How did the Mesa brothers perform, all in all? What level is Víctor Víctor Mesa slated to start at next year?
Víctor Víctor is currently playing for Salt River in the Arizona Fall League, after spending his first season of professional baseball at Class A Advanced Jupiter and Double-A Jacksonville. He was shaken up after banging his right knee with another player the Fall Star Game last Saturday, but it’s nothing serious.
Víctor Jr. turned 18 in September, and at 17, was one of, if not the youngest players in the Florida Gulf Coast League.
The elder Mesa has struggled against high velocity pitches, and he didn’t homer at either Jupiter or Jacksonville in 116 combined games. He also puts the ball in play, with a strikeout rate of 12.3 percent at Jupiter and 14.2 percent at Jacksonville. Defensively, he is a standout in center field, with a strong arm. At this point, he projects more as a fourth outfielder than a regular big leaguer.
Mesa Jr., a left-handed hitter, showed plenty of promise, and hit .284/.366/.398 in 47 rookie league games. He has a chance to be a big league regular.
Will Martín Prado have a place on the Marlins’ coaching staff or in management?
Now that Martin Prado’s three-year, $40 million contract has expired, the 35-year-old will become a free agent after the World Series. At that point, he will explore all his options, and also get input from his family, as to whether he wants to keep playing. If he decides to call it quits as a player after 14 big league seasons, the Marlins absolutely should make a strong push to hire him in some capacity. The organization is already thinking this way.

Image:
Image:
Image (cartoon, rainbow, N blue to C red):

Prado could do anything he wants because he offers so much value. And coaching may be what he wants to do, but he and his wife are raising a family, and the grind of coaching may not be right for him, at this time.
Do you get a sense that the Marlins and Starlin Castro could agree to a less costly contract after they decline his 2020 club option?
If I’m the Marlins, I wouldn’t rule it out. But I can’t see Starlin Castro, who performed admirably for two seasons on a building team, wanting to be back. The 29-year-old really stepped up after a slow first half, and hit .270 with career highs for home runs (22) and RBIs (86). If a club offered him about $7 million, I could see him taking it. The Brewers, Angels and Nationals could be free agent landing spots.
With veterans such as Martín Prado, Curtis Granderson and Neil Walker becoming free agents, is there any chance of resigning one of them, and what other veterans may they target in free agency? We all know it is crucial to have that leadership around a young and up-and-coming team.
Prado, as answered earlier, has a chance to return to the organization either in a coaching or player development capacity. Curtis Granderson, a great influence this year, could also be headed to retirement. Of the three, Neil Walker is the most realistic. He has stated he is open to returning, but the Marlins will explore many options for corner infield spots.
I know record isn’t everything when going through a rebuild, but even with tampered expectations, 2019 left a lot to be desired. What do you think the Marlins need to do in 2020 to become a contender within the next couple of years?
Without question, performance and progress will matter more in 2020, and patience is running thin for those who are not producing. Bottom line is the 2019 record was 57-105.
With that said, most of the organizational gains in 2019 were seen at the Minor League levels. So there is promise. By all accounts this year’s MLB Draft was a success, and the Gulf Coast League Marlins won a championship, while Class A Short-Season Batavia and Class A Clinton each made the playoffs.
To reach contention the next couple of seasons, I believe the club has to start targeting impactful free agents that fit with the big picture, which is to retain a strong Minor League system that allows for sustainable success.
Secondly, and perhaps most importantly, player development has to do its part. There is talent in the system, and development will go a long way in making sure that talent is ready to perform once it reaches the big leagues.